“He loves electronic music.”   

Harvey was so moved by the suffering of female family friends he revamped the 1999 Sammy Kershaw hit ‘She Don’t Know She’s Beautiful’ as a theme song for the McGrath Foundation.

“I’ve had a lot of songs over the years for blokes, the beer drinking songs, but I’ve got involved in the McGrath Foundation and a very dear friend of ours had a double mastectomy,” Harvey explained.

“It’s a terrible thing and happens to so many people. We have a whole lot of fund raising concerts and other things we’re going to do for the McGrath Foundation. I thought this would be a perfect song for that. Duncan Toombs did a beautiful job with the video clip. When you see the clip it puts extra dimension into the song and new meaning. It’s a very sensitive issue. We filmed it up here at the People’s Republic of Batteau Bay on the NSW Central Coast.”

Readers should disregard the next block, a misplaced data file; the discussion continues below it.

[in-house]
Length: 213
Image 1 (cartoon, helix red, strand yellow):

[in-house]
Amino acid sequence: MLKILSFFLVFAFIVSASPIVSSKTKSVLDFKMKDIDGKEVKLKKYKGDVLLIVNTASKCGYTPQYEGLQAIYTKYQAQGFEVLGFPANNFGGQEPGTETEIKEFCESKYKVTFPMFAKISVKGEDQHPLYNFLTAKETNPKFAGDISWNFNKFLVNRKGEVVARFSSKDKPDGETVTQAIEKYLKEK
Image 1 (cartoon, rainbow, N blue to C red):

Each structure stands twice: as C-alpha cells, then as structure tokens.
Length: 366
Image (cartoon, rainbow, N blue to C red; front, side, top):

Harvey lightened the mood of his album with the bluegrass fuelled domestic ditty ‘Mere Male’ – penned with Colin Buchanan – ‘Kids’ and his duet with McAlister Kemp on ‘One Full Bottle Of Rum.’

And he credits Kathy – his wife of 17 years – for his eternal humour and ‘Count On Me’ and ‘Sweet Sweet Love.’

“I thought I owed her a song,” Adam quipped. “She could have given up on me after 13 years and traded me in. She thought it might be easier to train a monkey, but she’s hanging in there.”

But his fitting finale was ‘You Are On My Mind’ – inspired by both parents.

“My mum used to always whinge and moan about my dad, and then when Dad was in that coma and it didn’t look like he was going to survive I went down there to Geelong to see them both,” Harvey recalled. “I realised that was all bluff and bravado. Talking to my mum I realised she really was at a loss and wondering what she was going to do without her life partner. It really began to dawn on her that she might be on her own and lost her soul-mate. I thought there’s a song in that.”

So it was a natural bookend for an even dozen songs kicked off by the title track entrée.

Family Life was released on August 22.